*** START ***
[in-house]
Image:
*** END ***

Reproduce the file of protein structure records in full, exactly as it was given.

[in-house]
Image: